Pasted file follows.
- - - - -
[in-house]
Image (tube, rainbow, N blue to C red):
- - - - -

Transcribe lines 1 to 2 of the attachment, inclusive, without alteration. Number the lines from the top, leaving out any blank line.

[in-house]
Image (tube, rainbow, N blue to C red):